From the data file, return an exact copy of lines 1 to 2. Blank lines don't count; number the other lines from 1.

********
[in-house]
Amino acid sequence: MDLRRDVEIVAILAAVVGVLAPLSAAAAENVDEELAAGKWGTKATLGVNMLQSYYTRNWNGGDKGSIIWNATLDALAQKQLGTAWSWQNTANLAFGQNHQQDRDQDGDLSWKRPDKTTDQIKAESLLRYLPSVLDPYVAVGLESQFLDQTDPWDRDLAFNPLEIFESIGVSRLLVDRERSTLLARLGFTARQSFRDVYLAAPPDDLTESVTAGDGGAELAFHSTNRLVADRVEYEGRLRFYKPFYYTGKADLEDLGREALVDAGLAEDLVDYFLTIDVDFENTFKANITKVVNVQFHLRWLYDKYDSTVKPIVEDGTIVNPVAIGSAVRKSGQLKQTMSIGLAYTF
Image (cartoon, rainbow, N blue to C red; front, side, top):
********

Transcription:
[in-house]
Amino acid sequence: MDLRRDVEIVAILAAVVGVLAPLSAAAAENVDEELAAGKWGTKATLGVNMLQSYYTRNWNGGDKGSIIWNATLDALAQKQLGTAWSWQNTANLAFGQNHQQDRDQDGDLSWKRPDKTTDQIKAESLLRYLPSVLDPYVAVGLESQFLDQTDPWDRDLAFNPLEIFESIGVSRLLVDRERSTLLARLGFTARQSFRDVYLAAPPDDLTESVTAGDGGAELAFHSTNRLVADRVEYEGRLRFYKPFYYTGKADLEDLGREALVDAGLAEDLVDYFLTIDVDFENTFKANITKVVNVQFHLRWLYDKYDSTVKPIVEDGTIVNPVAIGSAVRKSGQLKQTMSIGLAYTF